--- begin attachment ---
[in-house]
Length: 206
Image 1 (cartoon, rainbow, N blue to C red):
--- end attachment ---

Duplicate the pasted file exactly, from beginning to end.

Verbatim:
[in-house]
Length: 206
Image 1 (cartoon, rainbow, N blue to C red):